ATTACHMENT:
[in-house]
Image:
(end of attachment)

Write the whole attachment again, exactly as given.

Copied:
[in-house]
Image: